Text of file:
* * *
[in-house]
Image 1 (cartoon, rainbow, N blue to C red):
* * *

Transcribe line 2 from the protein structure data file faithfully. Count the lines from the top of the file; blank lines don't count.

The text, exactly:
Image 1 (cartoon, rainbow, N blue to C red):